Your Hemp Crop

But demand did not materialize. Consumer packaged-goods giants like PepsiCo and big retailers like Walmart did not commit to CBD products due to FDA concerns regarding the ingredient’s safety in food and beverages. Since much of last year’s crop remained unsold, the market became oversaturated with hemp biomass and prices collapsed.

The CBD market forecasts remain promising. Canaccord Genuity expects the U.S. CBD market to pass $18 billion by 2024, up from $1.9 billion in 2018. While there was a 9% decrease in licensed hemp acreage in 2020, grower numbers increased by almost 30%.

The cultivation of hemp is a complex endeavour involving a laborious process. A healthy crop depends on a painstaking spraying schedule to keep pests away, the harvest is by hand, and it needs to be carefully dried out before being sold. Hemp farmers also need to deal with suspicious law enforcement agents with a legal mandate to burn crops that exceed the permitted THC limit. About 50% of last year’s crop was not harvested due to crop failure, non-compliant crops, and other factors. Even if all is well, farmers need protection from thieves wanting to steal the crop to flip it back into the market as cannabis.

Hemp Potency Testing & Cultivation

Hemp farmers need be smart and manage their risks by:

  1. Meticulously planning the harvest.
  2. Testing crop samples daily during the three weeks leading up to the harvest to avoid a “hot” crop with THC levels above the permitted threshold (0.3%). Better be on the safe side than late, even if the crop is harvested slightly earlier with a lower than optimal CBD potency.
  3. Confirm contracts for the harvested hemp with processing facilities.

To manage their risks, smart hemp farmers must equip themselves with an easy-to-use and affordable hemp potency testing solution, providing results in real-time for crop monitoring and harvest decision-making. GemmaCert’s proven solution for potency analysis is a must-have risk-mitigation tool. GemmaCert’s wet flower analysis protocol enables farmers to test potency leading up the harvest. It also saves time and money on laboratory testing. Ultimately, the cost of a device pales in comparison to the financial disaster a farmer can face from a lost hemp crop.

US Capitol

Is Cannabis Legalization in the United States Just Around the Corner?

Every now and then there is an expectation that the federal legalization of cannabis is just around the corner. This time the focus has shifted to the upcoming November elections and a growing anticipation that the Democrats will win the White House and both houses of Congress. Maybe so, but earlier this week the Democratic National Committee rejected an amendment to its platform supporting legalization.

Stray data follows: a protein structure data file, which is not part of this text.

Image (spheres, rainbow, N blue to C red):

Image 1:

US Capitol

Legalization faces multiple obstacles. First, whatever the results in November, the Republicans will control the Senate (at least) until January 2021. Polls indicate that only 50% of Republicans support legalization. Therefore, if Republicans remain in control after November than attempts by lawmakers to bring cannabis reform legislation to the Senate floor for vote will fail.

In addition, despite two-thirds of Americans supporting legalization, the issue is not a polarizing one. About 80% of voters say they will support a political candidate who does not share their views on cannabis legalization. In other words, lawmakers do not risk their seat if they are against legalization.

Legalization would lead to an estimated loss of US $5 billion in revenues for the Federal government over the next decade. American cannabis businesses are subject to a very high income tax rate since they are barred from taking tax deductions or credits. They must pay taxes on all their revenue without the benefit of being able to use business expenses to reduce their taxable income. Lawmakers could pass a federal tax to generate additional revenue, but this would widen the gap between legal and black market cannabis, in favor of the latter. The federal government wants to avoid this outcome.

Safety data is lacking. The FDA have made their position on CBD well known. They will not change their stance that the compound may be harmful to consumers so long as they are not convinced by an accumulation of scientific evidence proving otherwise. If this is the case with CBD, then we can assume that the FDA will place an even much higher bar for THC. Meanwhile, regulator and law enforcement concerns about the risks of driving under the influence of cannabis also need to be addressed.

The bottom line is that federal legalization remains unlikely for the foreseeable future. A more likely outcome, especially if the Democrats win big in November, is the decriminalization of cannabis use and more support (and maybe funds) for medical cannabis treatment and research. The federal government will also likely be prevented from launching federal prosecutions of cannabis related conduct that is legal at the state level. The industry should not wait for the politicians. They have enough on their plates these days, especially with COVID-19, an economy in crisis and a society on the brink. Cannabis businesses must take control of their future and independently pursue scientific and medical research to back safety and efficacy claims. The future of the industry depends on scientific, not anecdotal, evidence.

Call for Medical Cannabis Collaborations

GemmaCert invites medical practitioners and scientists worldwide to collaborate with it in the much-needed effort to advance the study into the correlation between medical cannabis composition and efficacy.

A new initiative was announced in Canada to study the efficacy of medical cannabis for specific conditions and help physicians prescribe it at the right dose, for the right patient. This is very good news. Doctors seek scientific evidence rather than anecdotal testimonials. Patients want better quality of life; here and now.